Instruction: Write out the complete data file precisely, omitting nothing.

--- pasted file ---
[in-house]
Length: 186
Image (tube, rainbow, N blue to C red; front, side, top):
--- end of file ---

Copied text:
[in-house]
Length: 186
Image (tube, rainbow, N blue to C red; front, side, top):